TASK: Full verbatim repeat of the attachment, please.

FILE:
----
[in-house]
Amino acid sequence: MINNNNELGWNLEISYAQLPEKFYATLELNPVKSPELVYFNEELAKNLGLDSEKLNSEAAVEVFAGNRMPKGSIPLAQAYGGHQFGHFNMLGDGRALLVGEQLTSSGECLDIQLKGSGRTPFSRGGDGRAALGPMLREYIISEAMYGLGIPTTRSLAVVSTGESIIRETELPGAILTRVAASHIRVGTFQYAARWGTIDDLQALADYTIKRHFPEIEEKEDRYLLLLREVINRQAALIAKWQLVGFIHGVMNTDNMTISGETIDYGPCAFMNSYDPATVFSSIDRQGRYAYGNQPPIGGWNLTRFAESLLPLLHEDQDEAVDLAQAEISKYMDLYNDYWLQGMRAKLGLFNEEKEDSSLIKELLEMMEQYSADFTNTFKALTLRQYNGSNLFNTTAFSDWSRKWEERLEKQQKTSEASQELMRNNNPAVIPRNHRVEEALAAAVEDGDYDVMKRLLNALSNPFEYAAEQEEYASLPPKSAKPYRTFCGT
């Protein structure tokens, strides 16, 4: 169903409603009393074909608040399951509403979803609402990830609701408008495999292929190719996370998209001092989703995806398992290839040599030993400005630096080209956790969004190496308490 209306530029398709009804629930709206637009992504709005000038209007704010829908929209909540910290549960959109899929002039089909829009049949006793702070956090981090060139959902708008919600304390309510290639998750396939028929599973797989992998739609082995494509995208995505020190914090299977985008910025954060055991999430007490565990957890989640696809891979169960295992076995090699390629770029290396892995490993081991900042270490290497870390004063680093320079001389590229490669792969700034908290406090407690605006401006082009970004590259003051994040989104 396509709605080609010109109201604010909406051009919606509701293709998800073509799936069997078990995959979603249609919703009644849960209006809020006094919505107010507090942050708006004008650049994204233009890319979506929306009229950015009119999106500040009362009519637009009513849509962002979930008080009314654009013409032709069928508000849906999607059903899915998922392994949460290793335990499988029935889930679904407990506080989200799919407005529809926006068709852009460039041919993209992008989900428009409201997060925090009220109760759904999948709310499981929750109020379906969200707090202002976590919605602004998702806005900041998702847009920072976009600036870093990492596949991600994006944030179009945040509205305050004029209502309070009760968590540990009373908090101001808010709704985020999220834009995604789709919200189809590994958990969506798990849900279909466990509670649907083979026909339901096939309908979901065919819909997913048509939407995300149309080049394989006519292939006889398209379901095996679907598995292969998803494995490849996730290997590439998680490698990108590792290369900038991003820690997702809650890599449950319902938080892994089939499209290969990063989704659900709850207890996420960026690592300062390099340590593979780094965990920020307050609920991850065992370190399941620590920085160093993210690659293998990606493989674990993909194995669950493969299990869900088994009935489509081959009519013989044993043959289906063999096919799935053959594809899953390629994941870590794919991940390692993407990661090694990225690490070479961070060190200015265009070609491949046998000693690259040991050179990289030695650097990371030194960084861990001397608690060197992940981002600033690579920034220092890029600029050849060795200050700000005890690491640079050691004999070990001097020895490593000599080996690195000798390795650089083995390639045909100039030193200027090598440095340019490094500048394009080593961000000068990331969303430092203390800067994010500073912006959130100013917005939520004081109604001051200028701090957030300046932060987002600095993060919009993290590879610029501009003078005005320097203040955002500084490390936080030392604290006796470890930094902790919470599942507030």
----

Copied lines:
[in-house]
Amino acid sequence: MINNNNELGWNLEISYAQLPEKFYATLELNPVKSPELVYFNEELAKNLGLDSEKLNSEAAVEVFAGNRMPKGSIPLAQAYGGHQFGHFNMLGDGRALLVGEQLTSSGECLDIQLKGSGRTPFSRGGDGRAALGPMLREYIISEAMYGLGIPTTRSLAVVSTGESIIRETELPGAILTRVAASHIRVGTFQYAARWGTIDDLQALADYTIKRHFPEIEEKEDRYLLLLREVINRQAALIAKWQLVGFIHGVMNTDNMTISGETIDYGPCAFMNSYDPATVFSSIDRQGRYAYGNQPPIGGWNLTRFAESLLPLLHEDQDEAVDLAQAEISKYMDLYNDYWLQGMRAKLGLFNEEKEDSSLIKELLEMMEQYSADFTNTFKALTLRQYNGSNLFNTTAFSDWSRKWEERLEKQQKTSEASQELMRNNNPAVIPRNHRVEEALAAAVEDGDYDVMKRLLNALSNPFEYAAEQEEYASLPPKSAKPYRTFCGT
């Protein structure tokens, strides 16, 4: 169903409603009393074909608040399951509403979803609402990830609701408008495999292929190719996370998209001092989703995806398992290839040599030993400005630096080209956790969004190496308490 209306530029398709009804629930709206637009992504709005000038209007704010829908929209909540910290549960959109899929002039089909829009049949006793702070956090981090060139959902708008919600304390309510290639998750396939028929599973797989992998739609082995494509995208995505020190914090299977985008910025954060055991999430007490565990957890989640696809891979169960295992076995090699390629770029290396892995490993081991900042270490290497870390004063680093320079001389590229490669792969700034908290406090407690605006401006082009970004590259003051994040989104 396509709605080609010109109201604010909406051009919606509701293709998800073509799936069997078990995959979603249609919703009644849960209006809020006094919505107010507090942050708006004008650049994204233009890319979506929306009229950015009119999106500040009362009519637009009513849509962002979930008080009314654009013409032709069928508000849906999607059903899915998922392994949460290793335990499988029935889930679904407990506080989200799919407005529809926006068709852009460039041919993209992008989900428009409201997060925090009220109760759904999948709310499981929750109020379906969200707090202002976590919605602004998702806005900041998702847009920072976009600036870093990492596949991600994006944030179009945040509205305050004029209502309070009760968590540990009373908090101001808010709704985020999220834009995604789709919200189809590994958990969506798990849900279909466990509670649907083979026909339901096939309908979901065919819909997913048509939407995300149309080049394989006519292939006889398209379901095996679907598995292969998803494995490849996730290997590439998680490698990108590792290369900038991003820690997702809650890599449950319902938080892994089939499209290969990063989704659900709850207890996420960026690592300062390099340590593979780094965990920020307050609920991850065992370190399941620590920085160093993210690659293998990606493989674990993909194995669950493969299990869900088994009935489509081959009519013989044993043959289906063999096919799935053959594809899953390629994941870590794919991940390692993407990661090694990225690490070479961070060190200015265009070609491949046998000693690259040991050179990289030695650097990371030194960084861990001397608690060197992940981002600033690579920034220092890029600029050849060795200050700000005890690491640079050691004999070990001097020895490593000599080996690195000798390795650089083995390639045909100039030193200027090598440095340019490094500048394009080593961000000068990331969303430092203390800067994010500073912006959130100013917005939520004081109604001051200028701090957030300046932060987002600095993060919009993290590879610029501009003078005005320097203040955002500084490390936080030392604290006796470890930094902790919470599942507030």